Another Film Dynamic Range Adjustment Post!


A Quick Dynamic Range Followup and Example

Hurricane Florence is coming… Spent all day today starting to get ready. But yesterday I stopped by the causeway bridge to Litchfield beach and shot 1 roll of FP4+ film on my Fuji GA645zi changing between the red R24 and R25 filter. I was looking to the North from the bridge. It is a very beautiful spot and scene.
This is one of my go to spots when I am looking for inspiration and it did not fail to deliver for me. I was heading home but decided to stop at the studio and put the film into the processor, wait the 20 min then hang it in the dryer overnight.
 

But…

When standing there looking at the clouds I realized that the whites were going to be blown so I subtracted 30 seconds from the development time to compress them down towards Zone 8 so that I could capture the entire dynamic range, then in scanning moved them back up a bit to place them closer to my memory of them and bring the blacks up a bit! I love the effect the deep red filter gives to the blue sky.

How did I do this you ask?  I am glad you asked!

With a hand held spot meter I measure the brightest white I desire texture in, then measured the darkest black for texture.  Pushed the average button on the meter and got the zone 5 reading along with a chart showing max and min.  This tells me that the whites will be blown out on the negative.  SO I adjusted my exposure to give texture (Zone 3) in the blacks I wanted and let the whites fall where they will.   In the processing knowing how far over exposed the whites are I can now adjust the developing time (-1N in this case) to compress the whites down to zone 8 (-30 seconds).  Easy!
In the scanning software (VueScan) you have the opportunity in the extended menus to again shift the black and white points up or down.  I simply adjusted both to expand the dynamic range back out to the range of the Gicle’e (RIP) printing system I use in my studio yet keep the whites from being blown out!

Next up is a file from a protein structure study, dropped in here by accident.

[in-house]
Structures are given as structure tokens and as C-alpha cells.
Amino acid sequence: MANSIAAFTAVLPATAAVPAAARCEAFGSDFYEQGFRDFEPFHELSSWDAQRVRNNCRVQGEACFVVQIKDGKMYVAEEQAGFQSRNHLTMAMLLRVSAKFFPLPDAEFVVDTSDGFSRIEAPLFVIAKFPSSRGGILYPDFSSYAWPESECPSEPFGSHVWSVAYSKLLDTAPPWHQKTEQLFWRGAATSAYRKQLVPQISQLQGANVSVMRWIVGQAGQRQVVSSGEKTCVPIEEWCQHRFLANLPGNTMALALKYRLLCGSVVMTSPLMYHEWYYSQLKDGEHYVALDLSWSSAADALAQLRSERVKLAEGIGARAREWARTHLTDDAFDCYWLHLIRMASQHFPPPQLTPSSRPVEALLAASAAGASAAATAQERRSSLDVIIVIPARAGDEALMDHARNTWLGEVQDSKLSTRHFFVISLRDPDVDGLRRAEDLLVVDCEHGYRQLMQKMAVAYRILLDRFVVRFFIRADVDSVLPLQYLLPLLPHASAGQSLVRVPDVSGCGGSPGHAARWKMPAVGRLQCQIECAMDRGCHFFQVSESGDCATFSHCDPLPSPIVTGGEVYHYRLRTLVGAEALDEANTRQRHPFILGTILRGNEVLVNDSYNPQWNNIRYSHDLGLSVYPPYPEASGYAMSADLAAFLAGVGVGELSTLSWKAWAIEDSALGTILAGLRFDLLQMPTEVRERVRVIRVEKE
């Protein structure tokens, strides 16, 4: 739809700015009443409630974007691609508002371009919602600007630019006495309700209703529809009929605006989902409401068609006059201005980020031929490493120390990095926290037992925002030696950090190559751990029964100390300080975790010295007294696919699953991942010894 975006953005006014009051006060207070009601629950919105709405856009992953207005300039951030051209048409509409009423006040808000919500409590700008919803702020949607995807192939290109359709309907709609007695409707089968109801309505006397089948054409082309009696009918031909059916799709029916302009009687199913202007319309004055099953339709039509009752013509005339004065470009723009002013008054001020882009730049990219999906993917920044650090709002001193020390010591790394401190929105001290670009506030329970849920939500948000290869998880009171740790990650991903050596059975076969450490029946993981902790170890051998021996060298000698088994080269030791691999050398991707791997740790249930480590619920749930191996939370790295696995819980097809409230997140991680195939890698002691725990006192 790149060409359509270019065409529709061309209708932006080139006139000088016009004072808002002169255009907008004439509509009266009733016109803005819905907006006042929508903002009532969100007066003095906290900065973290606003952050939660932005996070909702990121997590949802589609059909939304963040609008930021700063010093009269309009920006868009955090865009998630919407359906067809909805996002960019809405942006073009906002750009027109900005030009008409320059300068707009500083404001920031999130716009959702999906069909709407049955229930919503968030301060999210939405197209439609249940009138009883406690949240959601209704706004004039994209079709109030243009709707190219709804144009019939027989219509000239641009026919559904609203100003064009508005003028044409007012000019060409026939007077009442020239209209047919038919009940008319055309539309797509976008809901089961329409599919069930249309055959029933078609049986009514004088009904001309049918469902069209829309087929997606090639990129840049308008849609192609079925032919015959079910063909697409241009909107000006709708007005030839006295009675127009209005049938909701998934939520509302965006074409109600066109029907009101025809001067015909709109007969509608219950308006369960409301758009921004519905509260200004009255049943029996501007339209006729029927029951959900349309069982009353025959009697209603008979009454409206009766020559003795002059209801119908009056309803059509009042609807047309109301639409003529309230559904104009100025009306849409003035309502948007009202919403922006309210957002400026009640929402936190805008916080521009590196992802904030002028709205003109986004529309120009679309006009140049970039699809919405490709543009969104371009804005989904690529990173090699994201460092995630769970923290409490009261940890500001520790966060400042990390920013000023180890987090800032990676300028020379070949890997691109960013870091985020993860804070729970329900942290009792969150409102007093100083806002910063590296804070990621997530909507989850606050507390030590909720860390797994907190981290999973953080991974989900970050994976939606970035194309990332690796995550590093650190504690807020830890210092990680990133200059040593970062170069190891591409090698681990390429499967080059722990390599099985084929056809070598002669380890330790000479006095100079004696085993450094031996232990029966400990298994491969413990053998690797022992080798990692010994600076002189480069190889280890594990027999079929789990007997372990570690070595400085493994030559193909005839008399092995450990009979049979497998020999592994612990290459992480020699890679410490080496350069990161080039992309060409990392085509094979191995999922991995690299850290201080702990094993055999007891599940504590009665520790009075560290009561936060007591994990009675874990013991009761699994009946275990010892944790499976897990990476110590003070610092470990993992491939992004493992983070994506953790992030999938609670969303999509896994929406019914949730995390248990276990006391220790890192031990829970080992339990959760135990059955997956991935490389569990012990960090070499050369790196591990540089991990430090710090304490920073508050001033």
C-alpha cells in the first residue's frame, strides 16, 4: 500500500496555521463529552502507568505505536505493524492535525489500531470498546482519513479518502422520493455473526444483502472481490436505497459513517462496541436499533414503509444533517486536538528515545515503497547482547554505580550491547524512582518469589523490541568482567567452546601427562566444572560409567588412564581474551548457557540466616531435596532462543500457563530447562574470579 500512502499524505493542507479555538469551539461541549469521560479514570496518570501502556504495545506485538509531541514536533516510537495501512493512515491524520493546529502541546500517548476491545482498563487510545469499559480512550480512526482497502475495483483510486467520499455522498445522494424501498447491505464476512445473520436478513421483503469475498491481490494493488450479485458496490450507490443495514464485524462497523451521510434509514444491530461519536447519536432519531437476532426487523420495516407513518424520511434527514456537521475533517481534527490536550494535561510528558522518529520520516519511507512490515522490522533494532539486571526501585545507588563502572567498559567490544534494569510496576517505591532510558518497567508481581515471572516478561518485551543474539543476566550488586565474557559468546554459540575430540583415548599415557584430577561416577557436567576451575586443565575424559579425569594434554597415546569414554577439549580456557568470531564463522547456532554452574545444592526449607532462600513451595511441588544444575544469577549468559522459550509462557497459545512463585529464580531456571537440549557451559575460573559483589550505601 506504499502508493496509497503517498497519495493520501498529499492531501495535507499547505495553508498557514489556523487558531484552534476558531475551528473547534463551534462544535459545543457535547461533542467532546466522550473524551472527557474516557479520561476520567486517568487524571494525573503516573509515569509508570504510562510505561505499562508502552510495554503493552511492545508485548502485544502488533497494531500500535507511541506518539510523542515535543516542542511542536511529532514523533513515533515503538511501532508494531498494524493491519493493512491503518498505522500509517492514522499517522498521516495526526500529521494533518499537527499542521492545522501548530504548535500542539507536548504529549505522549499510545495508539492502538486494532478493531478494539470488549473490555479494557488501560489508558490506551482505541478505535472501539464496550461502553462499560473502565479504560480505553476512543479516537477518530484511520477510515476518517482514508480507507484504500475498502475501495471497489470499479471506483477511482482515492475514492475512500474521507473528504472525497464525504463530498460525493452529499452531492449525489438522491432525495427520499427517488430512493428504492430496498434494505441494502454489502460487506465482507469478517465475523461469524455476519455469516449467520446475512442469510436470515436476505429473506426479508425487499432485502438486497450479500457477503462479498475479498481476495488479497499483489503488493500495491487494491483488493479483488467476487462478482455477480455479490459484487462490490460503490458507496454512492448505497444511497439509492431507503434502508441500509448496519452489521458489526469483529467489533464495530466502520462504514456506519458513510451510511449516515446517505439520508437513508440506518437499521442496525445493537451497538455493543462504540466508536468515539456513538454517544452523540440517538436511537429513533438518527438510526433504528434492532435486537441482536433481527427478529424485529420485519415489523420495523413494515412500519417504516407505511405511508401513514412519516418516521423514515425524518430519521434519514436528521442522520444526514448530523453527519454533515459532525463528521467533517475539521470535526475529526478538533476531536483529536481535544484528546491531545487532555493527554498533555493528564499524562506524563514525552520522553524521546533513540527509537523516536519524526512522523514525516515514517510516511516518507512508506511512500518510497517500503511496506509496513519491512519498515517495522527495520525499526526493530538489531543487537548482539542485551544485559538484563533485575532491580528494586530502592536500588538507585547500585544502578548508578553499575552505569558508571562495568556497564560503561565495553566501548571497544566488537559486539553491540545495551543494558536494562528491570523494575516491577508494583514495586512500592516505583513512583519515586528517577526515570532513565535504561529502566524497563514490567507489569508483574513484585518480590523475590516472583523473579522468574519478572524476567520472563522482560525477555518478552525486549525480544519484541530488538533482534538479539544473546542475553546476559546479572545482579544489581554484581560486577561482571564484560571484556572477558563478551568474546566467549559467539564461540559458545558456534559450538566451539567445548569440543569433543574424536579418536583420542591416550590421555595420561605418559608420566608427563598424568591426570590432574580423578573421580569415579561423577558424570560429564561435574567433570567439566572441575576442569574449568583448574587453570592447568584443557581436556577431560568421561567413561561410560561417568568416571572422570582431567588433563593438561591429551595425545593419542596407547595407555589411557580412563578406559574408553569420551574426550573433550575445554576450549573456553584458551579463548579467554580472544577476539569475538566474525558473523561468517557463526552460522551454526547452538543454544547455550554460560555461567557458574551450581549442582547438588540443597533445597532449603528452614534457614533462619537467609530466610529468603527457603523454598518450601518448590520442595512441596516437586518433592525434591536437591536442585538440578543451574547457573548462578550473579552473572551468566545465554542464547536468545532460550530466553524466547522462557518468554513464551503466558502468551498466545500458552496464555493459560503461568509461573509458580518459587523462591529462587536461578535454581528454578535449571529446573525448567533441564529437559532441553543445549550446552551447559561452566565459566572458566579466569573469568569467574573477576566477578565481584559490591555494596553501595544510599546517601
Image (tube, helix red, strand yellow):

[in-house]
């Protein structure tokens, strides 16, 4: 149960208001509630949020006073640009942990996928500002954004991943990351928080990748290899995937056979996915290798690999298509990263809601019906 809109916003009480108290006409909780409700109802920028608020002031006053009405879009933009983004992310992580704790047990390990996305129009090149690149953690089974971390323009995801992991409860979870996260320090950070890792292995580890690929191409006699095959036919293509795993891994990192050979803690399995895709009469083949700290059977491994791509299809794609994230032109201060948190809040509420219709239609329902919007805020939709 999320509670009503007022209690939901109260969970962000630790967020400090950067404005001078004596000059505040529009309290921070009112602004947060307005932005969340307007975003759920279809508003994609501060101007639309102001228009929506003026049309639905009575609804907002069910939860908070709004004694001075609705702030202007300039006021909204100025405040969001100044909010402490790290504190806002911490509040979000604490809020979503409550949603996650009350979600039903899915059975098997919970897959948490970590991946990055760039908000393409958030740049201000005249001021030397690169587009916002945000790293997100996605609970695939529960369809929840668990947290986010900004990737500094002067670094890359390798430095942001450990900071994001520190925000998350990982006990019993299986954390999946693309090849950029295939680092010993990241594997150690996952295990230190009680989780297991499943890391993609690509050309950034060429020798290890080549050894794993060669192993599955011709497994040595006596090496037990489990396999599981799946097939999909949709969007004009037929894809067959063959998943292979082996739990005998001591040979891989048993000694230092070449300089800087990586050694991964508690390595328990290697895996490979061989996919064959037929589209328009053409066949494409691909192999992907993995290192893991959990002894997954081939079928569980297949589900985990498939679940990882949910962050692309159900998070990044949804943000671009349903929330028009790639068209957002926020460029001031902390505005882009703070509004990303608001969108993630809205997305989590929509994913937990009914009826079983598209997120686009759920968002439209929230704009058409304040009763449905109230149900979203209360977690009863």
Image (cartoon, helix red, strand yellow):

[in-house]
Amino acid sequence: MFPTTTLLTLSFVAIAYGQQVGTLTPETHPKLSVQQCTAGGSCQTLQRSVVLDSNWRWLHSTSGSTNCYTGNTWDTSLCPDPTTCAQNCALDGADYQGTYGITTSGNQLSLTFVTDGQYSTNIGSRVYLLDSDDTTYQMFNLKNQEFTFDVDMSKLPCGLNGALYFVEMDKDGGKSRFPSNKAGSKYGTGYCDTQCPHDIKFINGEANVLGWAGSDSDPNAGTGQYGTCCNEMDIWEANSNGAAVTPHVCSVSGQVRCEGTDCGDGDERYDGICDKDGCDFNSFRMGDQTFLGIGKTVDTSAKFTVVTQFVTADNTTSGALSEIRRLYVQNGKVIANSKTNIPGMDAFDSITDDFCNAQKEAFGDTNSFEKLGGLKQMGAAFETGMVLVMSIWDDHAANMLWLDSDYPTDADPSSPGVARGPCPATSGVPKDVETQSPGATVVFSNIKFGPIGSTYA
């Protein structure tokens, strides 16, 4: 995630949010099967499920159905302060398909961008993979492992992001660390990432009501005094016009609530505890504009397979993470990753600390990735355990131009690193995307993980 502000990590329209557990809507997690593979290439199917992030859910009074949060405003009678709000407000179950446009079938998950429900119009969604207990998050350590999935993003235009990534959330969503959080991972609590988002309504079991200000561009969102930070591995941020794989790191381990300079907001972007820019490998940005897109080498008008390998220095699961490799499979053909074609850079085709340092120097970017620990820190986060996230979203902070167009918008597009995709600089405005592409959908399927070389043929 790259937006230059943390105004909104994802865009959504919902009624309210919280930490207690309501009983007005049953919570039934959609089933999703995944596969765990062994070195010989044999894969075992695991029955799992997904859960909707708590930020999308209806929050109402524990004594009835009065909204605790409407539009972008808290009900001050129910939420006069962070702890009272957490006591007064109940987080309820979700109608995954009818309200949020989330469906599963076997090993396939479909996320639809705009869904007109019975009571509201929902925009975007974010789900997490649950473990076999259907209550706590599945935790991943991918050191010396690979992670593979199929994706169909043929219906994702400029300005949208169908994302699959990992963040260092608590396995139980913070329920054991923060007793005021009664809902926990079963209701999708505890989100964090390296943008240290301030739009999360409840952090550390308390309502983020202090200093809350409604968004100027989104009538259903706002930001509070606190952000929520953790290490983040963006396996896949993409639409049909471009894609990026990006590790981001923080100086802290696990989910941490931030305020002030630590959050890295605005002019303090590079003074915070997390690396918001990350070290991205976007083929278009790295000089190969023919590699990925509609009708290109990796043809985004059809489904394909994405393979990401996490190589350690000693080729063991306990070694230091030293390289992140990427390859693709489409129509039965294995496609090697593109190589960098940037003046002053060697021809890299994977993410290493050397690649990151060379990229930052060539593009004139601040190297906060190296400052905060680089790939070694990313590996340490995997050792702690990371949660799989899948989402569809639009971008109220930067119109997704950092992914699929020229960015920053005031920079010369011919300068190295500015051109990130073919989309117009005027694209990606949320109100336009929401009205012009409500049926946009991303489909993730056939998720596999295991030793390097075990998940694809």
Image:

1. Measure the range of the scene and determine if the film can capture it all
  2. Expose to move the blacks with texture to zone 3.
  3. Pick a -N developing time according to where the whites fell in the negative (1 stop for this one)
  4. Scan to keep the textured blacks at zone 3 and move the compressed whites back up where they belong in VueScan)

 

The Results:

 

The Causeway going to Litchfield Beach, SC

It was a pleasant and very satisfying endeavor and made me very happy today when I scanned this image on my way home from preparations.
 
Data: GW645zi – 55mm – Roll 95 – Fr 8 – Red 25 +3 Filter – f8 – 1_60 – FP4+ – Xtol Stock -30s – Wet Scan – T CI 50 – Litchfield Marsh- 2018-09-09
I know, this was a really short post, but I was really pleased with the image results and the entire process was one of those “By the seat of the pants” type of evolution.  I wanted to share again, now simple the process is for adjusting the range on film in development and scanning.  There will be yet another one of these in the future but it will be VERY detailed and perhaps even with a video!

As always please let me know what you think!

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